• Innovation. “We have to have an entrepreneurial spirit,” he said. “We have to act like we’re a start-up.”
  • Transparency. “That means clarity – about how decisions are made.”
  • Inclusion. “We all have a stake in UNCG,” he explained. Ideas can come from anyone and anywhere, he added. UNCG needs inclusive decision-making and communications.
  • Fun. We’re at college, he said. “We should get joy out of that – the joy in what we accomplish together.

He alluded to the title of the occasion: the 124th State of the Campus Address, and the permanence of our enduring, vital role in the community and state. “We’re not going anywhere. We are here.”

Acting Chancellor and Provost Dana Dunn gave an address on the accomplishments of the past year. She received an extended, rousing ovation, as did Dr. Gilliam.

Trustees Chair Susan Safran offered remarks as well. “I do believe we are on the edge of a new era,” she said.

By Mike Harris (Posted 1:35 p.m.)

——

Earlier copy on this post:

Acting Chancellor Dunn and Chancellor Elect Gilliam request your attendance at the State of the Campus address today (Aug. 12) at Aycock Auditorium. The event begins at 10:30 a.m.

A luncheon will immediately follow, at Moran Commons and Plaza.

The event will be live streamed at http://www.ustream.tv/channel/uncg-university-relations.

Note: Check back at this web page later today for a full report.

Disaster: 10 years ago, Hurricane Katrina hit the Gulf

Aerial view of the damage Hurricane Katrina caused. This month marks a horrible anniversary. Hurricane Katrina struck New Orleans and the Gulf Coast on August 29, 2005. In recognition of the ruin the hurricane precipitated, The World Meteorological Organization retired the moniker “Katrina,” never to be used again for a storm.

In late August of that year UNCG Sociology professor Dr. Steve Kroll-Smith knew he had to do something. He had been a research professor at the University of New Orleans from 1992 to 2000. His daughter was born there.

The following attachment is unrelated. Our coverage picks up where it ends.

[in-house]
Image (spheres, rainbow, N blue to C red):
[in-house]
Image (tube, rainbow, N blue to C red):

As he watched the coverage of the storm and aftermath a decade ago, from the safety of Greensboro, he wanted to be involved. One of his research specialties was disasters.

An emeritus professor from Yale, Kai Erikson, called and said. “Let’s do something.” They joined many faculty members from around the country in New Orleans.

The Bill and Melinda Gates Foundation granted him and two professors from the University of New Orleans $150,000 to look at the long-term impacts of the flooding on two New Orleans neighborhoods, Pontchartrain Park and Hollygrove.

Kroll-Smith and two New Orleans professors professors, Vern Baxter and Pam Jenkins, have just released the results of their 2005-2011 longitudinal study. The book, “Left to Chance: Hurricane Katrina and the Story of Two New Orleans Neighborhoods,” was published by University of Texas Press.

The book examines two African-American neighborhoods wiped out by flooding after the hurricane passed. “As they remind us, our daily life is ‘geographically ordered,’ and they chronicle the disorientation people faced during evacuation, exile and return,” says a review report in The New Orleans Advocate.

Pontchartrain Park is professional and middle-class. Hollygrove is working class. Their research revealed that class difference in these communities mattered. The poorer people had less access to resources and information, often resulting in delays in accessing disaster relief. On the other hand, many of the blue collar Hollygrove residents possessed skills their counterparts in Pontchartrain Park lacked. With their do-it-yourself capability, including electrical repairs, plumbing work, roofing, and so on, many got their houses back in working order more quickly than the residents of, what locals call, “The Park.”